Stephen Strasburg (10-3) recovered from his shortest start of the season by fanning 11 in seven innings and allowing four hits, including Eugenio Suarez's homer. Strasburg left his last start -- a 13-0 loss to Atlanta on July 8 -- after Nick Markakis' liner deflected off his hip in the third inning.

He allowed only two hits -- including an infield single -- in his last five innings.

"Your body wants to pretend it's the offseason," Strasburg said of the break between starts. "It took a little while to get going."

Scott Feldman (7-7) lasted only one inning, limited by a stiff right knee that has been bothering him. He gave up a double, a single, Harper's three-run homer and Zimmerman's solo shot in his first 12 pitches. Feldman left after facing nine batters and giving up five runs on 33 pitches.

"It wouldn't loosen up," Feldman said of the knee. "It was one of those days. I put the team in a tough spot. We were down five runs right off the bat."

Harper's homer extended his hitting streak to 12 games. Brian Goodwin's solo shot made it 6-1 in the sixth.

4 FOR 4

The last time the Nationals swept a four-game series was last season against Atlanta. It was the 11th four-game sweep in Nationals history.

KEEP RUNNING

Daniel Murphy scored from second base on Matt Wieter's fly out in the first inning, turning it into a sacrifice fly. Right fielder Scooter Gennett made a diving catch in the gap and then stumbled and dropped the ball while trying to get up, giving Murphy enough time to make it home.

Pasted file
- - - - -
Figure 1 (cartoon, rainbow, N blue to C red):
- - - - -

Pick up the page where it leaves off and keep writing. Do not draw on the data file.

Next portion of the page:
STATS

It was Strasburg's sixth double-digit strikeout game of the season and the 35th of his career. ... Anthony Rendon extended his hitting streak to 11 games. ... Nationals starters allowed only one run in the series. ... The 13 homers allowed in a series matched the Reds' club record.

NATIONALS MOVES

Washington called up right-hander Jacob Turner from Triple-A. Right-hander Koda Glover -- sidelined since April by a hip injury -- was moved to the 60-day DL.

TRAINER'S ROOM

Nationals: CF Michael Taylor hasn't yet started baseball-related activities as he recovers from a strained right oblique. He went on the DL on July 7.

Reds: C Devin Mesoraco began a rehab assignment at Triple-A Louisville. He'll play a few games and be re-evaluated. He's been sidelined since July 5 with a strained left shoulder.

UP NEXT

Nationals: They face the Angels for the first time since 2011. Washington is 6-7 in interleague play this season.

Reds: RHP Sal Romano (1-1) will be called up to make his third career start when the Reds face the Diamondbacks. He also started on April 16 against Milwaukee and July 6 at Colorado.